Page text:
2002 / JANUARY
In every language the word sweet implies not just flavour but pleasant, agreeable and happy things. In Turkey not just the word sweet but the word helva has a similar metaphorical significance. Helva is foremost among the many sweets and puddings which form such a considerable branch of Turkish culinary culture, and also plays a ceremonial and symbolic role on special occasions like weddings and religious feast days.
Although the Turkish love of sweet foods is renowned, this was not the case in the ancient past, as demonstrated by the fact that Central Asian Turkic cuisines are almost completely lacking in sweet dishes. Instead the Turks acquired their taste for sweet confectionery in the lands of western Asia and the Middle East, where such foods were a deep-rooted tradition, and became instrumental in carrying it westwards into Europe.
Helva comes in a myriad varieties, but is basically made from wheat flour, starch or semolina and sugar. Before sugar became widely available at an affordable
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price for ordinary people, honey or grape molasses were used as sweeteners in these confections. Although the ingredients of helva are very simple, their quality is important, and so is the technique. The flour must be patiently stirred over a slow heat until it becomes amber in colour. If you try to speed up the process by turning up the heat, both flavour and colour will be spoilt. Traditional recipes usually call for full fat milk and butter, and although these can be replaced by water and margarine, the taste will not be so delicious. The famous tahin helva made of ground sesame seeds and sugar, with its characteristic crunchy texture, has always been a professional rather than a homemade confection. The method which has been used for centuries is as follows: When the mixture has been cooked over a low heat in small pans, it is left to cool, then kneaded and placed in moulds. Another kind of helva made by professional confectioners and sold in shops or by street vendors is the so-called paper helva, consisting of crisp rice paper wafers sandwiched together with a toffee-like candy.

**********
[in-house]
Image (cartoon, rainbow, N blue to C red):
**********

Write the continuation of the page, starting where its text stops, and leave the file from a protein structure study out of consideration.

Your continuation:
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But most types of helva can easily be made at home, and are delicious desserts. Here are four recipes for Skylife readers to try. All these homemade helvas are best eaten immediately or within a few hours of being made.

* Keremcan Atay is a freelance writer.

FLOUR HELVA (Serves 12)
250 g butter
500 g (4 cups) flour
1 litre (4 cups) water
1 kg sugar
200 g coarsely ground walnuts
1. Melt the butter in a saucepan, and when hot add the flour. Stir constantly over a very low heat for about 30 minutes until the flour is a rich amber colour.

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2. Add boiling water a little at a time, stir well and cover the pan. Continue to cook until the water has been absorbed.
3. Add the sugar and stir, then cook for a few more minutes until the sugar has dissolved. Remove from the heat.
4. Stir in the walnuts. Take a spoonful at a time and shape by hand as desired. Arrange on a serving dish.

500 g (4 cups) wheat starch
250 g (1 cup) sugar
750 ml (3 cups) water
225 ml (1 cup) sunflower seed oil
1. Blend the starch, sugar and water in a bowl.
2. Heat the oil in a saucepan, pour in the starch and sugar mixture and cook over a moderate heat for about five minutes until crumbly.
3. Remove from the heat and allow to cool. Serve on individual dishes and sprinkle with cinnamon or ground

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pistachio nuts.
20 g butter
550 g (3 cups) semolina
1500 ml (6 cups) milk
30 ml (2 tablespoons) sunflower oil
150 g pistachio nuts
1. Melt the butter in a saucepan, and when hot add the semolina. Stir constantly over a low heat or about five minutes until the semolina is golden brown.
2. Stir in the milk, then add the sugar and cook for a further 2 minutes. Remove from the heat, cover, and leave for 15 minutes.
3. Heat the sunflower oil in a frying pan, and fry the pistachio nuts until golden. Using a wooden spoon, stir the nuts into the helva, which should have a crumbly texture. Serve while still warm.

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